Chicken Kiev, Chicken and Broccoli and Chicken Cordon Bleu are being recalled by Aspen Foods of Chicago after more Salmonella illnesses were linked to the products. The recall follows one issued July 15 after a Salmonella outbreak linked to the products, which has now sickened five people, was first announced.
The recalled products have the establishment number “P-1358” inside the USDA mark of inspection and were produced between August 25, 2015 and September 17, 2015 with “best if used by” dates of August 23, 2016 to December 15, 2016. They were sold under a variety of brand names including Acclaim, Antioch Farms, Buckley Farms, Centrella Signature, Chestnut Farms, Family Favorites, Kirkwood, Koch Foods, Market Day, Oven Cravers, Rose, Rosebud Farm, Roundy’s, Safeway Kitchens, Schwan’s, Shaner’s, Spartan and Sysco.
Nationwide the products were sold at Aldi, Food Lion, Kroger, Safeway, Save-a-Lot, and Walmart stores nationwide and dozens of other stores in 40 states, the District of Columbia and Puerto Rico. The U.S. Department of Agriculture’s Food Safety and Inspection Service (USDA FSIS) has released a complete list of stores where items were sold.
This is not the first Salmonella outbreak that has been linked to these products produced by Aspen Farms. At least two other Salmonella outbreaks have been linked to these products produced at this facility. A 2014 outbreak, announced by Minnesota health and agriculture officials in late October 2014, prompted a recall of 14 tons of chicken products. The USDA says the company has a “systemic Salmonella problem”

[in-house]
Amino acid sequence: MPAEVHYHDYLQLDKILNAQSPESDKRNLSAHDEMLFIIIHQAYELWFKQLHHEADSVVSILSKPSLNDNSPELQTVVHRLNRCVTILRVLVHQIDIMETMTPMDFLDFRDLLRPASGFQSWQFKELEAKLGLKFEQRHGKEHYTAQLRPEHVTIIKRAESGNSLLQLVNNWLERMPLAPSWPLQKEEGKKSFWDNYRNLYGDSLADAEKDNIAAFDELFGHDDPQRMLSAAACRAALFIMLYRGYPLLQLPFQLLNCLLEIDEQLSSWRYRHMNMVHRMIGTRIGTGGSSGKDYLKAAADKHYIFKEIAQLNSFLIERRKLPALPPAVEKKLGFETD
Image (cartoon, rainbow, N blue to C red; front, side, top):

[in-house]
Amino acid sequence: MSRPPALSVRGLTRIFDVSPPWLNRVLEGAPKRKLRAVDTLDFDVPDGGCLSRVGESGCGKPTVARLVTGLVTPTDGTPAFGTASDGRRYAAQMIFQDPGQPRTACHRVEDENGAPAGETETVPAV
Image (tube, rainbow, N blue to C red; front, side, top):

The July 15 recall included almost 2 million pounds of products made between April 15, 2015 and July 10, 2015 with “best if used by” dates between July 14, 2016 and October 10, 2016. They also have the establishment number “P-1358” inside the USDA mark of inspection.
Eating food contaminated with Salmonella can cause salmonellosis. Symptoms of an infection, which usually develop within 12 to 72 hours of exposure include fever, abdominal cramps, and diarrhea that can be bloody. Symptoms usually last about a week. But in some cases, hospitalization is necessary. Two people in this outbreak have been hospitalized. Young children, adults, and those with weakened immune systems are most at risk of infection.
Consumers who have eaten the products and are concerned about an illness should see a doctor and mention possible exposure to Salmonella. Those who have purchased these products and not yet eaten them should throw them away or return theme to the place of purchase. Some case-patients reported following the cooking instructions on the label and using a food thermometer to make sure the products had reached a safe internal temperature. This indicates that the products are contaminated with so much Salmonella that they can’t be handled safely.
This outbreak is occurring at the same time as another outbreak linked to frozen breaded chicken products produced by Barber Foods. At least nine people in four states have been sickened in that outbreak. A recall has also been issued for those products. The cases in that outbreak, six in Minnesota and one each in Illinois, Oklahoma and Wisconsin, involve drug-resistant strains of Salmonella. The strains in the Aspen outbreak are resistant to drugs.